Cooking duck is a trade off. Duck breast is a tender red meat, and I want it cooked to a rosy pink medium. Duck legs are full of tough connective tissue, and should be cooked past well done, until they are tender and shreddable.
This is impossible on a whole duck. When I roast a duck, I aim to cook the legs and crisp up the skin, and live with overcooked breast. This results in a good duck – the duck fat keeps he duck breast moist, even if it is overcooked. But when I want duck perfection, I break the duck down and cook the legs separately from the breast. That lets me cook each properly – long, low and slow for the legs; a quick saute for the breast.
Can I use Sous Vide cooking to improve on perfection? Of course, or we wouldn’t be talking right now.
I start with the legs, cooking them confit style, with an overnight salting and ten hours in the water bath to tenderize. Then I drop the heat to a perfect medium, add the duck breasts, and cook them for two hours. (The legs stay in the water bath, keeping them warm while the breasts finish.) A quick sear in a hot pan gives me crackling duck skin.
And there you have it – perfect Sous Vide duck, two ways.
Though I have to confess, as much as I love duck breast, it pales in comparison to tender shreds of duck leg confit. If you skip the duck breast portion of the recipe and cook extra duck legs, I won’t blame you.
*Special thanks to Maple Leaf Farms for the wonderful duck!*
Recipe: Sous Vide Duck Two Ways – Duck Breast and Duck Leg Confit
- Sous Vide water bath (I use a SousVide Supreme Demi)
- Vacuum sealer
- Large, heavy frypan (I use a Lodge 12 inch cast iron pan)
Duck Leg Confit
- 2 duck legs
- 4 teaspoons kosher salt (2 per duck leg)
- 2 tablespoons duck fat (or substitute butter)
- 2 duck breast halves
- 2 teaspoons kosher salt
1. Salt the duck legs
Sprinkle the duck legs with the kosher salt. Refrigerate overnight, or for up to 2 days.
2. Vacuum seal the duck, sous vide the duck legs
The morning of cooking, score the skin on the duck breast halves in a diamond pattern and sprinkle the breasts with the kosher salt, then put them in a quart vacuum bag. Take the duck legs out of the refrigerator and put in a quart vacuum bag with the duck fat. Vacuum seal the bags, then put the bag of duck breast in the refrigerator. Cook the bag of duck legs sous vide at 167°F/75°C for 8 to 10 hours.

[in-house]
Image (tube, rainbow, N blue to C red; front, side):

3. Cook the duck breasts sous vide
Turn the sous vide down to 135°F/57°C – I add a couple of cups of ice to cool down the water quickly – then add the bag of duck breasts. Cook the duck breasts for 2 hours.
4. Sear the duck
Cut open the vacuum bags and remove the duck, then pat the meat dry with paper towels and discard the liquid. Pat the duck dry with paper towels. Heat the heavy frypan over medium-high heat until it is ripping hot. Put the duck skin side down in the pan and sear until the skin is crisp and brown, about 3 minutes. Remove the duck from the pan and serve.
- Now all I need are some duck eggs to poach sous vide, and I can try duck three ways!
- The liquid in the sous vide bags is mostly duck fat. Instead of discarding the fat, pour a couple tablespoons into a fry pan and use it to make duck fat potatoes. (Yes, I have a duck fat potato obsession.)
- The first time I had duck confit was at Thomas Keller’s Bouchon in Napa Valley. Techncially, I didn’t have it, my wife did, on top of a frisee salad. She was kind enough to let me try it…and then had to fend me off as I kept trying to sneak more of the duck leg. Now I always want to serve duck confit on top of a salad.
This recipe was inspired by:
- PolyScience: Sous Vide Confit of Duck Leg
- SousVide Supreme: Bill the Butcher’s Sous Vide Duck Confit
- Kenji Alt at SeriousEats.com: Sous Vide 101 – Duck Breast
- Maple Leaf Farms
What do you think?
Questions? Other ideas? Leave them in the comments section below.
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